The concluding service of Yom Kippur during which it is said that the Gates of Repentance close. We hear the blast of the Shofar once more.

As Yom Kippur falls on Shabbat this year, Ne’ilah will be followed by Havdalah.

Communal Break-Fast

Break the Yom Kippur fast with your fellow Solelniks. Donations of baked goods (honey cake is always nice!) are welcome. Please bring all items sliced and ready to eat on disposable plates. They can be placed in the kitchen before or after any Yom Kippur service.

Parent-Tot Room

Throughout the High Holy Days, our Library is set aside as a Parent-Tot Room for parents with babies and young children. It’s a great location if you and your little one need to take a break from a service. Please note: Parent supervision is required.

Everyone is always welcome at all of our services. If your young one may become impatient during a service, please consider bringing a book or a quiet toy to engage them. We thank you for leaving your electronic games at home.


High Holy Days – Frequently Asked Questions

When do we wear a Tallit?
A Tallit is normally worn at morning services only. The exception is Yom Kippur Evening, for two reasons. First, it’s a way to acknowledge the special holiness of this day. Second, in earlier times it was a custom to come to synagogue on Erev Yom Kippur and to stay throughout the night and next day to the conclusion of Ne’ilah; thus worshippers would bring their Tallit that evening. We aren’t planning such a marathon, but it’s still appropriate to wear the Tallit on Erev Yom Kippur.

Why do the Torah scrolls have white mantles?
White represents purity, which we seek for our souls during the Days of Awe. It is also appropriate to wear white clothing during this time, including a white Kippah if you wish.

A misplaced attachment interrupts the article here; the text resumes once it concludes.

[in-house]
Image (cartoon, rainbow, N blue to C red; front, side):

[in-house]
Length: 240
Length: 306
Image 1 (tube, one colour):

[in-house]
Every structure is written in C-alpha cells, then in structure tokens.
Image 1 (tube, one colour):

How do I decide whether or not to fast on Yom Kippur?
From the age of 13 onward, it is a mitzvah to fast from sunset to sunset. Children approaching this age might try to fast for as long as they can manage. If fasting would make you ill, or if you are taking medication that requires food, Jewish law rules that you should not fast.

Why do we have group aliyot at this time?
It is our way of honouring the many Solelniks who devote their time and effort to our congregation all year long. Therefore, we have a group Aliya for members of our Bet Sefer Solel teaching staff, for the officers of our Board of Directors, for committee members, for the ushers who serve our congregation all year, and for grandparents and great-grandparents.

Why are there so many Torah and Haftarah chanters?
For the morning services of Rosh Hashanah and Yom Kippur it is customary to have five aliyot which is more than at a regular Shabbat. In addition, we have congregants chanting at all applicable High Holiday services. At Solel we are blessed to have so many skilled people who are willing to perform this important mitzvah.

Why are there people sitting in the sanctuary in between services on Yom Kippur?
As important as it is to pray together with the congregation, many people need time to meditate or say their own prayers in the tranquility of the sanctuary. We try to keep the atmosphere calm and quiet at these times. We also provide an opportunity on Yom Kippur afternoon, for those who wish it, to connect even more deeply with the divine by praying on our bimah in front of the open doors of our Holy Ark.

Why is the High Holy Day prayer book called a Machzor?
The word “Machzor” means a returning cycle, referring to the cycle of seasons that we celebrate each year. The High Holy Days are a time to take stock of our deeds over the past year and, with God’s help, to plan the next chapter in our Book of Life. It is also a time to celebrate the vital role that community plays in our lives. Surrounded by fellow Solelniks now and throughout the year, we never need to feel alone.

Can I reserve a seat during the High Holy Days?
Except for a few individuals who have a special role to play in supporting our services (e.g. ushers) and those who require special consideration due to a disability or impairment, seating is not reserved.
If you have specific needs you can contact the Solel office to make arrangements for reserved seating.

 

Find out more about the High Holy Days and get great tips for food and family fun at ReformJudaism.org.